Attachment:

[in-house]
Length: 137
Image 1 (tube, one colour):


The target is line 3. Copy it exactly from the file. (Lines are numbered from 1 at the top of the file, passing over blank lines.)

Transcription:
Image 1 (tube, one colour):